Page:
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Transgenerational Obesity

July 28, 2014

Did now-banned pesticides contribute to the obesity epidemic across generations?

Transcript

BOB HIRSHON (host):

Xanthis WikipediaDDT_Powder

A common sight during the 1960s.

Pesticides and obesity. I’m Bob Hirshon and this is Science Update.

Did the high levels of pesticide use across the 20th century contribute to the obesity epidemic? Perhaps, according to Washington State University reproductive biologist Michael Skinner. He hypothesizes that exposure to these chemicals may have caused permanent genetic changes during pregnancy, promoting obesity in future generations.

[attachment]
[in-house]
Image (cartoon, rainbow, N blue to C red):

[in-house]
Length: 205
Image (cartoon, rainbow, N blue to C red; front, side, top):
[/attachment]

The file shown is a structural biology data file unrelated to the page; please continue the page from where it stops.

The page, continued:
MICHAEL SKINNER:

In the 1950s, DDT and methoxychlor were used pretty heavily. And we had an   obesity rate of less than 5%. Today we  are now three generations removed from that exposure and our obesity rate is approachin g 40%.

HIRSHON:

To test his hypothesis, Skinner and his team exposed pregnant rats to the pesticides. Generations later, they found that over 15% of rats whose great-grandmothers had been exposed to methoxychlor developed obesity. And for DDT, obesity rates in the third generation topped 50%. It’s possible the pesticides have had similar transgenerational effects in humans. I’m Bob Hirshon, for AAAS, the science society.